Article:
September 17, 2014

Conductor cert, passenger HOS regs on tap

WASHINGTON — The Federal Railroad Administration will soon publish final rules instituting conductor certification and imposing new hours-of-service limitations on intercity passenger-train and commuter employees in safety sensitive positions.

FRA Associate Administrator for Safety Jo Strang made the announcement at the UTU’s regional meeting June 21 in San Antonio, Texas.

She observed that since former UTU Illinois State Legislative Director Joe Szabo became FRA administrator, the partnership between the UTU and the FRA in seeking improved workplace safety “has certainly been strengthened.”

Conductor certification, which becomes effective Jan. 1, 2012, “recognizes the level of professionalism required by our conductors today,” Strang said.

A notice of proposed rulemaking on conductor certification was published in November and is the product of a collaborative effort through the FRA’s Rail Safety Advisory Committee, which includes carriers, rail labor and the FRA.

UTU members serving on the RSAC Conductor Certification Working Group include Local 1470 Chairperson David Brooks, General Chairperson (CSX, GO 049) John Lesniewski, Local 538 Legislative Rep Ron Parsons, Local 645 Local Chairperson Vinnie Tessitore, National Legislative Director James Stem, Alternate National Legislative Director John Risch, and UTU safety consultant Larry Mann.

Strang said the passenger hours-of-service regulation will apply sleep science and fatigue management to railroad hours-of-service, “which is the first time in our industry’s history that this has been done. It recognizes the inherent differences between freight and passenger service.”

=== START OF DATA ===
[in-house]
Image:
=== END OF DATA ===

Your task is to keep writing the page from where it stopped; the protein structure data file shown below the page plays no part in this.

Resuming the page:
For example, intercity passenger and commuter railroads operate on fixed schedules. Commuter railroads operate primarily during daylight hours, and most commuter employees return to their home terminals every night.

The passenger hours-of-service regulation will “balance the need to manage fatigue with the need to maximize income,” Strang said. “The rule also recognizes the significant safety contribution that a defined start time has for the employees involved. When the employee knows when they must report for service, they can manage the necessary lifestyle adjustments. The outstanding safety record of our passenger and commuter rail operations is an excellent example of just what it means to have a regular start time.”

Strang also mentioned risk reduction programs, acknowledging that their FRA-sponsored implementation on some railroads “have earned a bad reputation. Let me be clear about FRA’s viewpoint,” Strang said. “Building strong safety cultures can only be accomplished through the establishment and nurturing of voluntary risk mitigation policies and procedures — setting realistic benchmarks and milestones, and favoring constructive corrective behavior over punitive discipline. To be clear, both railroads and labor have to define boundaries since compliance with the rules is at the heart of safety.

“Railroads have had the same culture for 180 years,” Strang said. “We have been trying to change it for five years.”